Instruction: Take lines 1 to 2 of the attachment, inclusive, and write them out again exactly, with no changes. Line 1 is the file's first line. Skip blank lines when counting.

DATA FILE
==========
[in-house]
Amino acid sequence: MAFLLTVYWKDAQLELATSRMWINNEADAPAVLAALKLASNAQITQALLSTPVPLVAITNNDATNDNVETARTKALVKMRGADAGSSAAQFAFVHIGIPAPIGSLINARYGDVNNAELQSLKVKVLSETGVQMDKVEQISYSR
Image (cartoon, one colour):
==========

[in-house]
Amino acid sequence: MAFLLTVYWKDAQLELATSRMWINNEADAPAVLAALKLASNAQITQALLSTPVPLVAITNNDATNDNVETARTKALVKMRGADAGSSAAQFAFVHIGIPAPIGSLINARYGDVNNAELQSLKVKVLSETGVQMDKVEQISYSR